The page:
Entertainment
Remembering Charlie Christian
By media release
Mar 3, 2022
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Bonham, Texas -- How do you get to Carnegie Hall?

Well, you practice, practice, practice.

In the case of Bonham native Charlie Christian, how did he get from a poor part of town down by the railroad tracks known as Tank Town to Carnegie Hall?

You can't get there from here, or at least it is a journey that can't be measured in miles. 

Bonham native Charlie Christian (Charles Henry Christian) (29 July 1916 – 2 March 1942) was an American swing and bebop jazz guitarist. Christian was an important early performer on the electric guitar, and is cited as a key figure in the development of bebop.

In the liner notes to the 1972 Columbia album Solo Flight: The Genius of Charlie Christian, Gene Lees writes that "many critics and musicians consider that Christian was one of the founding fathers of bebop, or if not that, at least a precursor to it."

In 1939, Charlie auditioned for record producer John Hammond, who recommended Christian to bandleader Benny Goodman. Goodman was the first white bandleader to feature black musicians — he hired Fletcher Henderson as arranger and Teddy Wilson on piano in 1935, and in 1936 added Lionel Hampton on vibraphone. Goodman hired Christian to play with the newly formed Goodman Sextet in 1939. It has been often stated that Goodman was initially uninterested in hiring Christian because electric guitar was a relatively new instrument.

Goodman had been exposed to the instrument with Floyd Smith and Leonard Ware among others, none of whom had the ability of Charlie Christian. There is a report of Goodman unsuccessfully trying to buy out Floyd Smith's contract from Andy Kirk. However, Goodman was so impressed by Christian's playing that he hired him instead. There are several versions of the first meeting of Christian and Goodman on August 16, 1939.

Suffice to say the encounter that afternoon at the recording studio had not gone well. Charlie recalled in a 1940 Metronome magazine article, "I guess neither one of us liked what I played," but Hammond decided to try again. Without consulting Goodman, Hammond installed Christian on the bandstand for that night's set at the Victor Hugo restaurant in Los Angeles.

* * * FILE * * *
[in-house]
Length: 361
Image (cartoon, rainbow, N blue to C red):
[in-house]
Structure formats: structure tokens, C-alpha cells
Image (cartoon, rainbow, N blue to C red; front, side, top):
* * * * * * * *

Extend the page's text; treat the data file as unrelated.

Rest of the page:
Displeased at the surprise, Goodman called for "Rose Room," a tune he assumed that Christian would be unfamiliar with. Unknown to Goodman, Charlie had been reared on the tune, and he came in with his solo — which was to be the first of about twenty, all of them different, all unlike anything Goodman had heard before. That version of "Rose Room" lasted forty minutes; by its end, Christian was in the band.

By 1939 there had already been electric guitar soloists—Leonard Ware, George Barnes, trombonist/composer ("Topsy") Eddie Durham had recorded with Count Basie's Kansas City Six, Floyd Smith recorded "Floyd's Guitar Blues" with Andy Kirk in March 1939, using an amplified lap steel guitar, and Texas Swing pioneer Eldon Shamblin was using amplified electric guitar with Bob Wills. However, Charlie Christian was the first great soloist on the amplified guitar.

In early 1941, Christian resumed his hectic lifestyle, heading to Harlem for late-night jam sessions after finishing gigs with the Goodman Sextet and Orchestra in New York City. In June 1941 he was admitted to Seaview, a sanitarium on Staten Island in New York City. He was reported to be making progress, and Down Beat magazine reported in February 1942 that he and Cootie Williams were starting a band. After a visit that same month to the hospital by tap dancer and drummer Marion Joseph "Taps" Miller, Christian declined in health and died March 2, 1942. He was buried in an unmarked grave in Bonham, Texas, and a Texas State Historical Marker and headstone were placed in Gates Hill Cemetery in 1994.

Christian paved the way for the modern electric guitar sound that was followed by other pioneers, including T-Bone Walker, Les Paul, Grant Green, Kenny Burrell, Wes Montgomery, B.B. King, Chuck Berry and Jimi Hendrix. For this reason Christian was inducted in 1990 into the Rock and Roll Hall of Fame as an "Early Influence."

Christian's exposure was so great in the brief period he played with Goodman that he influenced not only guitarists, but other musicians as well. The influence he had on "Dizzy" Gillespie, Charlie Parker, Thelonious Monk and Don Byas can be heard on their early "bop" recordings "Blue'n Boogie" and "Salt Peanuts." Other musicians, such as trumpeter Miles Davis, cite Christian as an early influence. Indeed, Christian's "new" sound influenced jazz as a whole. He reigned supreme in the jazz guitar polls up to two years after his death.